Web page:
“This is an excellent example of a public/private partnership,” she continues. ‘“This is really a very exciting project for Midland.”
Schuette, executive vice president and assistant treasurer of the Gerstacker Foundation, evoked memories of his mother, Esther Schuette Gerstacker, and stepfather Carl Gerstacker, while answering the question “why” remake the Saginaw Road corridor?
Bill Schuette is the executive vice-president of the Gerstacker Foundation.
“It’s all about building Midland’s future and making Midland better every day,” he says.
He was told by his parents, he notes, “‘Bill, your job is to make sure Midland is the best town in America’.” and to that end fierce competition from other communities and must be met head on.
“If you live in the past, you will get passed by,” he says, "All the investment we do for Midland’s future is really essential.”
Kozuch took the celebrants into a Walk the Block District Tour that followed the celebration to get a feel for the scope of the project completed and what lies ahead.
As part of the Priority One project, he notes, and in an effort to entice more walkers and bicyclists, the Streetscape has installed 93 new lighting poles, more than twice the old number of lights, 147 young trees of 11 varieties replacing the 86 aging trees, and 1.82 miles of sidewalks, extending 8-feet wide on both sides of South Saginaw, an upgrade for walking, biking and using assisted mobility devices.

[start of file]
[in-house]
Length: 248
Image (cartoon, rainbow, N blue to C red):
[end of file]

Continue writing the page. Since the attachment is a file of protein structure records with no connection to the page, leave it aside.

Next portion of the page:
“If you come down here at night, you will see the sidewalks lit and the roads lit. That is something that is new to Midland and it is nice,” Kozuch says.
In addition, a grassy buffer zone was built between the sidewalks and the road and the city and CCA members are working on zoning laws and access management - five driveways were closed during this portion of the renovation - to help attract new businesses and increase safety.
“I can’t wait for Priority Two, that is going to be the fun one,’ Kozuch adds. “It is a lot closer to Manor than it is to Patrick from here.”
Before beginning the ribbon cutting and the tour, Kozuch thanked all the donors that included Dow Company Foundation, Rollin M. Gerstacker Foundation, City of Midland, Charles J. Strosacker Foundation, Midland Area Community Foundation, Dow Employees Credit Union, Huntington Bank, Isabella Bank, Horizon Bank, Mary Currie, and the U.S. Department of Agriculture.
The Streetscape project features more lighting.
He also acknowledged project contractors: Streetscape designer MKSK of Detroit, engineering designer Moore+Bruggink of Grand Rapids, general contractor Isabella Corp. of Mt. Pleasant, subcontractors Heinz Tree Service of Saginaw, Servinski Sod Service of Midland, Countyline Power of Midland and the Midland Public Works Dept.
Planning for Priority Two will begin following the City of Midland resolving the long-term plans for traffic patterns on Ashman and Rodd streets, expected in October 2023. After that, the CCA board will revisit the 2019 Center City Redevelopment Plan in creating a vision for Phase II, including the Ashman Circle area, according to information from the CCA..
The CCA already approved the concept of two-way streets on Ashman and Rodd in a 6-1vote at a meeting on September 20.